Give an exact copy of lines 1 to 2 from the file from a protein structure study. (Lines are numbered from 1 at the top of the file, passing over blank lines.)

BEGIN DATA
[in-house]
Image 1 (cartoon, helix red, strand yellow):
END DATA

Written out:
[in-house]
Image 1 (cartoon, helix red, strand yellow):